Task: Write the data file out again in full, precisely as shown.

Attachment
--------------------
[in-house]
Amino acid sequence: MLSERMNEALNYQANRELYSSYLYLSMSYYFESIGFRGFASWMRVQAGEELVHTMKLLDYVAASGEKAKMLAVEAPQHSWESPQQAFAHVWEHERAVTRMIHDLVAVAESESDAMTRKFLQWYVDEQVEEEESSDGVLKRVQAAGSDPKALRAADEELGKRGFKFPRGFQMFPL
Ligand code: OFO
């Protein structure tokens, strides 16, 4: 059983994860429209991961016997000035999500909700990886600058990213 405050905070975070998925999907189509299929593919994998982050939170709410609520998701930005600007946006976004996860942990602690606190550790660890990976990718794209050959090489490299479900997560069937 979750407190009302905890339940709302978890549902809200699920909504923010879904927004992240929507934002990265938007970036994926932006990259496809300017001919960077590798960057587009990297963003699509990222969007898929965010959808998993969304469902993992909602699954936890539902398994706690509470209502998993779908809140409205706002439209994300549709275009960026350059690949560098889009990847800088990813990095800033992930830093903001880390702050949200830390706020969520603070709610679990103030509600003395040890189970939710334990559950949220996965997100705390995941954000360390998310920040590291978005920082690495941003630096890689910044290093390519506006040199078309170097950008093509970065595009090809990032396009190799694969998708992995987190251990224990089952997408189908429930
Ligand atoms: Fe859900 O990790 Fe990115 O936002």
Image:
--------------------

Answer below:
[in-house]
Amino acid sequence: MLSERMNEALNYQANRELYSSYLYLSMSYYFESIGFRGFASWMRVQAGEELVHTMKLLDYVAASGEKAKMLAVEAPQHSWESPQQAFAHVWEHERAVTRMIHDLVAVAESESDAMTRKFLQWYVDEQVEEEESSDGVLKRVQAAGSDPKALRAADEELGKRGFKFPRGFQMFPL
Ligand code: OFO
């Protein structure tokens, strides 16, 4: 059983994860429209991961016997000035999500909700990886600058990213 405050905070975070998925999907189509299929593919994998982050939170709410609520998701930005600007946006976004996860942990602690606190550790660890990976990718794209050959090489490299479900997560069937 979750407190009302905890339940709302978890549902809200699920909504923010879904927004992240929507934002990265938007970036994926932006990259496809300017001919960077590798960057587009990297963003699509990222969007898929965010959808998993969304469902993992909602699954936890539902398994706690509470209502998993779908809140409205706002439209994300549709275009960026350059690949560098889009990847800088990813990095800033992930830093903001880390702050949200830390706020969520603070709610679990103030509600003395040890189970939710334990559950949220996965997100705390995941954000360390998310920040590291978005920082690495941003630096890689910044290093390519506006040199078309170097950008093509970065595009090809990032396009190799694969998708992995987190251990224990089952997408189908429930
Ligand atoms: Fe859900 O990790 Fe990115 O936002």
Image: